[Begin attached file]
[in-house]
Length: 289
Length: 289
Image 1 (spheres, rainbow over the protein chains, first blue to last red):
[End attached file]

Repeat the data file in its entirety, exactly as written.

[in-house]
Length: 289
Length: 289
Image 1 (spheres, rainbow over the protein chains, first blue to last red):